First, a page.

- Paperback: 448 pages
- Publisher: O'Reilly Media; 1 edition (February 4, 2008)
- Language: English
- ISBN-10: 0596516177
- ISBN-13: 978-0596516178
- Product Dimensions: 7 x 0.9 x 9.2 inches
- Shipping Weight: 1.2 pounds (View shipping rates and policies)
- Average Customer Review: 96 customer reviews
- Amazon Best Sellers Rank: #115,271 in Books (See Top 100 in Books)
Enter your mobile number or email address below and we'll send you a link to download the free Kindle App. Then you can start reading Kindle books on your smartphone, tablet, or computer - no Kindle device required.
To get the free app, enter your mobile phone number.
The Ruby Programming Language: Everything You Need to Know 1st Edition
Use the Amazon App to scan ISBNs and compare prices.
Fulfillment by Amazon (FBA) is a service we offer sellers that lets them store their products in Amazon's fulfillment centers, and we directly pack, ship, and provide customer service for these products. Something we hope you'll especially enjoy: FBA items qualify for FREE Shipping and Amazon Prime.
If you're a seller, Fulfillment by Amazon can help you increase your sales. We invite you to learn more about Fulfillment by Amazon .
The Amazon Book Review
Author interviews, book reviews, editors picks, and more. Read it now
Frequently bought together
Customers who bought this item also bought
About the Author
Yukihiro Matsumoto ("Matz"), the creator of Ruby, is a professional programmer who worked for the Japanese open source company, netlab.jp. Matz is also known as one of the open source evangelists in Japan. He's released several open source products, including cmail, the emacs-based mail user agent, written entirely in emacs lisp. Ruby is his first piece of software that has become known outside of Japan.
Top customer reviews
There was a problem filtering reviews right now. Please try again later.
Be aware that this book only covers Ruby 1.8 and 1.9. As of this review (July 18, 2017), the latest stable version of Ruby is 2.4.1, so this book is very out of date (Ruby 2.0 came out more than 4 years ago).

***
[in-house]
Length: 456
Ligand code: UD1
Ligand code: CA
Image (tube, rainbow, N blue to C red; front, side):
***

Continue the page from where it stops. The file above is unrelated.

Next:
The author assumes the reader has a sound foundation in programming another language and often gives excellent examples and analogies for people that may already understand a concept or context in C/C++, Java, Perl, or Python for example. He does the same to warn about things that are different or reversed to avoid confusion, e.g. (pseudo phrasing) "If you're a Java programmer, note that [it] works the opposite way in Ruby. Instead of..." I would not recommend this book to you if you don't have any experience programming but anyone with a sound handle on the basic fundamentals of coding with instantly fall in love with it.
The book is sectioned and organized masterfully making topics easy to find and forward and backward references found throughout the book are helpful instead of a hinderance. The book may have to be read mostly in order for someone who has no previous experience in Ruby, but the topics are contained well enough so that someone looking to hone their skills in certain areas can find what they need very easily. In the extremely rare event that there is an error in the book it is always something like the font appearing too close together or a misspelling in a comment in one of the code examples. Literally, the worst error in the book is that in one code example the author ended a sentence in a comment with a comma by mistake instead of a period.
Ruby is a very powerful and versatile language. As such the book covers some advanced logical material but the author is considerate enough to warn the reader ahead of time. Chapter 8 in particular, and in the interest of being complete, covers some Metaprogramming techniques that many readers might not ever need to use or know. It's there for you if you need it. The code examples are concise, well documented (even more so in potentially confusing areas), and structured beautifully.
This is one of the best books I have read in a VERY long time. In fact, this book has inspired me to break an 11 year silence in technical book reviews. Wow.
Unlike the Pickaxe, which tries to be everything from an OOP introduction to a complete library reference, this book focuses on concisely documenting the Ruby language. If you're looking to learn how to program, look elsewhere - the Pickaxe is a much better choice. On the other hand, if you're already familiar with OOP concepts, this book (along with [...]) is all you really need to understand the language.
Of note, the book is also very current, covering both Ruby 1.8 and 1.9. As such things go, this is about as future-proof as it gets - it will remain current for years.
I can't really stress enough how well-written this book is. The authors don't overwhelm you with jargon, nor do they bury important details between fluff and analogies - I find it to be the perfect balance of density and legibility. Seldom do I find technical references such a joy to read.
In short, if you work with Ruby (or plan to in the future), you really should buy this book. You won't regret it.